I just wanted the Brigadier General-select to be quiet. And I wanted these motorcycles to get away from the vehicle. The SUV was equipped with bulletproof windows, but it was not explosion-proof, as demonstrated earlier in the week when a suicide bomber turned his motorcycle into a missile and attacked a convoy. Now, the motorcyclists jutted in and out of my peripheral, sometimes even placing their hands on the chassis for leverage before pushing off and disappearing into traffic. Despite their vanishing, traffic didn’t seem to be moving in any sort of forward motion, and the Brigadier General-select in the backseat was getting more antsy and more vocal about her anxiety. What should have been a ten-minute drive through town was taking 45 minutes. I was very aware of the target spreading like a virus over my SUV. It was my SUV because, on this particular day, I was the vehicle commander. I could almost feel the weight of my embroidered Captain bars resting on my collar bones. I was responsible for the lead SUV and the SUV behind us, following through the throng of white Toyota Corollas, Isuzu Pick-up trucks, donkey carts, bicycles, and Suzuki motorcycles, so many Suzuki motorcycles.
(This video was a “typical” traveling day; the traffic was very light. I wasn’t the vehicle commander (he’s sitting in the front passenger seat), but the video does give a faint idea of what the streets looked like with pedestrians, mini-vans, motorcycles and difference compared to streets in the US.)
When I was practicing the position of vehicle commander in pre-deployment training six months earlier, I paid close attention to my duties: pre-plan the route, brief the vehicle occupants on their roles and responsibilities, take charge of the convoy with clear guidance, keep my head on a swivel to watch for nearby threats, don’t lose your cool…don’t show fear. I reminded myself, they are looking to you. That training was in the forefront of my mind as my SUV crawled forward through the herded groups of Afghans in their unlicensed autos and the Brigadier General-select complained in the backseat. I just wanted to see our destination come into view: the flimsy, pie-plated front gate of the girls’ school.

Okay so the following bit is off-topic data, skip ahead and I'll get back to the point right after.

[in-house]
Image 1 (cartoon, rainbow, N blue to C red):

Finally, we rounded the corner and the greenish-colored aluminum of the front gate appeared. It was another 10 minutes before we were able to move down the street to the gate, which was normally opened for us immediately as we approached the school. Our drive had taken more than twice as long as expected, and the gate guard, a 60-year-old man with a large walking stick, was not out front to let us into the school’s courtyard. I would have to get out and knock on the plywood that was dressed up as a door. I took a quick breath, opened the bullet-proof door and stepped out into the street.